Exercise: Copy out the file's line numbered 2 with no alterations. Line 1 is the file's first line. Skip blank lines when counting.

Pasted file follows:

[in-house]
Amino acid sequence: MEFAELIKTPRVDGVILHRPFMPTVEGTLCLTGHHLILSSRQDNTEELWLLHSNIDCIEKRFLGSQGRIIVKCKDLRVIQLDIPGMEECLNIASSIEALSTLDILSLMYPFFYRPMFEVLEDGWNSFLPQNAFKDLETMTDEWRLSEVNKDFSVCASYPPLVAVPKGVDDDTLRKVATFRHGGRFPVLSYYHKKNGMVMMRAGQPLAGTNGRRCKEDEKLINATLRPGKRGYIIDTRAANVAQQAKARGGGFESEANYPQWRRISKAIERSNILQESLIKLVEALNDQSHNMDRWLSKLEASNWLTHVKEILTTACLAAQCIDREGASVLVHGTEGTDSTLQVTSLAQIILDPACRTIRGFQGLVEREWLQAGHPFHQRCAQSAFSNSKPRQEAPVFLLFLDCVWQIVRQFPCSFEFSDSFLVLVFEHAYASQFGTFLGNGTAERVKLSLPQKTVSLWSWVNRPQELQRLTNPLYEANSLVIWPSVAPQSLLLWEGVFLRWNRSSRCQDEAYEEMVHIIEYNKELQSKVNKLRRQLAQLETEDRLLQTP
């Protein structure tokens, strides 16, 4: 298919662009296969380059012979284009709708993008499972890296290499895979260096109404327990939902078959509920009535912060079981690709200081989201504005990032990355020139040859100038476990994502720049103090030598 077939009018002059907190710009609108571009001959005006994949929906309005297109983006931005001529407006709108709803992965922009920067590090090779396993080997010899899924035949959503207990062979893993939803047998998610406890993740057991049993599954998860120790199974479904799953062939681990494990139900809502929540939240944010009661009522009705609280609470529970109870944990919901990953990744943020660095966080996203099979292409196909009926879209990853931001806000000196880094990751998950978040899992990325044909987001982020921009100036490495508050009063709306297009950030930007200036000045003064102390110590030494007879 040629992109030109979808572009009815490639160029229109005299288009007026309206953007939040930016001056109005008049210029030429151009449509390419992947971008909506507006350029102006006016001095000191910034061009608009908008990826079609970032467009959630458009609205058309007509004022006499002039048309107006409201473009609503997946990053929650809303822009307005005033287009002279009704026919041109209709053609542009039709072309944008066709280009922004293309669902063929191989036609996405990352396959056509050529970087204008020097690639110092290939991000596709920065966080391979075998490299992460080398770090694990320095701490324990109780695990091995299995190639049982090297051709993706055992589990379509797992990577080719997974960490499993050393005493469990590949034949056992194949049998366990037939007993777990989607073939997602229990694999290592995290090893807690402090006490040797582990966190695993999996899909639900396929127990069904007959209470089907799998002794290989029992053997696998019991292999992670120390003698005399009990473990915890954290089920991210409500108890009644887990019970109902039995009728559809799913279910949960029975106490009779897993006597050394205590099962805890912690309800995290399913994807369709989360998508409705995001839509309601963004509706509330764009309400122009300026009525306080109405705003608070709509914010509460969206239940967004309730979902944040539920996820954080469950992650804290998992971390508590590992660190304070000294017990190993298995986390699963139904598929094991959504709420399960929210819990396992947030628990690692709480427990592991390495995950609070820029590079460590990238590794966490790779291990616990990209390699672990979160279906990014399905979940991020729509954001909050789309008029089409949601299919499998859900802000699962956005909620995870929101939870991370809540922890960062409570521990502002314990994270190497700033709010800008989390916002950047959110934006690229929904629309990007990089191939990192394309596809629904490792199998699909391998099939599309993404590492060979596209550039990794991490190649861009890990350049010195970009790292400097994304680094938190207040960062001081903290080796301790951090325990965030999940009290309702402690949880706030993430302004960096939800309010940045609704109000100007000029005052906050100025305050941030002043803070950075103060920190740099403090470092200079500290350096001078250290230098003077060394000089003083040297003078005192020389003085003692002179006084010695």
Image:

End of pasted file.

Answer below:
Amino acid sequence: MEFAELIKTPRVDGVILHRPFMPTVEGTLCLTGHHLILSSRQDNTEELWLLHSNIDCIEKRFLGSQGRIIVKCKDLRVIQLDIPGMEECLNIASSIEALSTLDILSLMYPFFYRPMFEVLEDGWNSFLPQNAFKDLETMTDEWRLSEVNKDFSVCASYPPLVAVPKGVDDDTLRKVATFRHGGRFPVLSYYHKKNGMVMMRAGQPLAGTNGRRCKEDEKLINATLRPGKRGYIIDTRAANVAQQAKARGGGFESEANYPQWRRISKAIERSNILQESLIKLVEALNDQSHNMDRWLSKLEASNWLTHVKEILTTACLAAQCIDREGASVLVHGTEGTDSTLQVTSLAQIILDPACRTIRGFQGLVEREWLQAGHPFHQRCAQSAFSNSKPRQEAPVFLLFLDCVWQIVRQFPCSFEFSDSFLVLVFEHAYASQFGTFLGNGTAERVKLSLPQKTVSLWSWVNRPQELQRLTNPLYEANSLVIWPSVAPQSLLLWEGVFLRWNRSSRCQDEAYEEMVHIIEYNKELQSKVNKLRRQLAQLETEDRLLQTP